Dan Ronken, LAC, LPCC, LADC, LPC
Licensed Professional Counselor, Licensed Addiction Counselor, Licensed Professional Clinical Counselor, Licensed Alcohol & Drug Counselor
If you’re in recovery, considering a psychedelic experience will likely bring up a lot of questions. Especially if you have been taught that all “mind-altering” substances are to be avoided. You may be leery of using a substance to tap into this unconscious territory — I totally understand. For those who have been properly screened both medically and psychologically, using psychedelics responsibly hold great potential for healing addictive patterns that have developed over time. A contained psychedelic experience may offer great reach into your unconscious mind and bring to light past memories, mental processes, and emotional patterns that were previously inaccessible. There are probably a number of things on your mind that you would like to explore. No need to feel overwhelmed. Together we will delve deep into what you are specifically hoping to gain from a psychedelic experience. We will investigate what feels most significant and will do everything in our power to make it a safe healing experience for you. I believe that people have the dignity and right to recover on their own terms. I share the same definition of recovery as the Substance Abuse and Mental Health Services Association (SAMHSA): “Recovery is a process of change through which individuals improve their health and wellness, live a self-directed life, and strive to reach their full potential.”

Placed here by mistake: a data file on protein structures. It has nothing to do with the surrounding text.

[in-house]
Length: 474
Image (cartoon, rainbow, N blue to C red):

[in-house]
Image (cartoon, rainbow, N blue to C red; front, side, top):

I’m an experienced licensed therapist in Boulder, CO and Minneapolis, MN and a person in long term recovery. I am a pursuer of novelty, which has led me to experience some of life’s greatest highs as well its painful lows. In all of these instances, I have sought deeper meaning. I received my MA in Adlerian Psychology with an emphasis in Co-occuring Disorders from Adler Graduate School. Co-occuring (also known as dual diagnosis) can be described as someone who simultaneously experiences mental health symptoms, e.g., depression, anxiety, PTSD, etc., and a substance use disorder. With that said, I’m not a huge fan of labels and my philosophy is more open minded. I believe individual differences matter. Back to my story. Getting support for understanding my unconscious patterns of how I related to myself and the world was a critical component for transformation to occur. Another truth is that insight is not enough. I had to learn how to work with these mental and emotional patterns. This didn’t happen overnight. It took a lot of emotional honesty, gentleness, supportive relationships, and most importantly, patience. Believe me. It’s worth the time and effort.